Magazine Article


The State of the Imaging Industry 2004

There is still much to be done to educate the consumer on their many options. Working together, the industry can benefit from the impressive potential offered by both film and digital technology. The consumer wants pictures. Let's make sure they can get them.

Print for Permanence

by Kerry Flatley,
Consultant, InfoTrends/CAP Ventures Digital camera ownership continues to grow. At the end of 2003, 30% of U.S. households owned a digital camera and 41% are expected to own one by the end of 2004. While this is good news for digital camera manufacturers, retail photofinishers continue to question if digital cameras will help or hurt their businesses.

For many retailers, digital cameras have had a negative impact on their business since many digital camera owners print at home. But over the past year, InfoTrends' surveys have revealed that more digital camera users are printing at retail stores. In a May Internet survey, 24% of digital camera users said that they had printed at a retail store—either at a photo kiosk or over-the-counter. In 2003, only about 10% of digital users had printed at retail.

Retailers are now more fully equipped with digital technology and are getting the message out through local and mass advertising—and it appears to be working. In a February survey, 32% of respondents said that their local film processing location could produce prints from digital cameras, while two years earlier 68% answered that they "didn't know." Print traffic should follow an increase in awareness.

What about the digital camera users who do not print any of their digital photos? InfoTrends' recent survey shows that about 11% of digital camera users do not print. Getting these users to print would certainly help increase print volumes. All digital camera users should understand that the lives of digital files are precarious when not backed up and one of the best ways to ensure that photos last for generations is through prints. If retailers emphasize this message, it could not only pull more digital camera users into stores for prints, but could also save families the heartache of losing photos to the shortcomings of technology.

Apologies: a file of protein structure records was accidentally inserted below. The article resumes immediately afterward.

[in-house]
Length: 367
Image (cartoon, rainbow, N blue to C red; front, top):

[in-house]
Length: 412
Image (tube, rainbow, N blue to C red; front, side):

The Challenges of "Interesting Times"

by Lisa Walker
President, International Imaging Industry Association (I3A) Just when we thought we might have finally adapted our business models to the new world of digital photography, we're hit again with the next wave of change. This time, it's the phenomenal overnight success of mobile imaging that presents both challenge and opportunity, in tsunami-size doses.

First, the opportunities in mobile imaging—what happens when we change the way we use photography, from just capturing special occasions to being a visual communications tool ("Is this the thingy you wanted me to buy at the hardware store?")?

At the same time, the more traditional capture of "moments" will also increase simply because the camera is now ubiquitously attached to our hips. Those occasions that used to be marked by the words "I wish I had my camera!" will now be marked with a picture. We'll get many more "keepers" to share, to print, to store, to generate more revenue.

Other opportunities lie in the Good Samaritan aspect of mobile imaging, those moments when camera-phones are being used to foil crimes, save lives, or capture criminals simply because a camera with a transmitter attached to it was at hand.

The challenges, of course, are keeping pace with the changes, and rallying companies from a broad range of converging industries to work together to ensure the underlying infrastructure and interoperability needed to leverage these opportunities are built, and that's where I3A steps in.

Digital Camera Printing Rapidly Growing

by Joe Diliberto
President, Photographic Manufacturers & Distributors Association (PMDA)

It is not often that we can experience the kind of consumer excitement that is currently taking place in the photo industry. Digital technology has enabled new innovative products to be introduced at a rapid pace including digital cameras, digital one-time-use cameras, camera phones, digitally enabled kiosks and digital minilabs.

Consumer awareness of digital camera printing is growing rapidly. According to PMA research, the number of prints being made from digital cameras is now growing at a pace faster than predicted at the beginning of this year. While growth is occurring in all three of the key areas including making prints at retail, at home and online, prints at retail are outpacing other methods, with kiosks showing the greatest growth.

Consumers are definitely responding to the information, education and availability of printing options. They are enjoying the experience they are having as they discover a variety of options to get prints from their digital camera and the ease of sharing, and displaying those pictures. Now that we have reached this stage, we can expect both the sales of new or repeat digital camera purchases to be very strong during this upcoming holiday season and we will see the number of prints growing at a more rapid pace.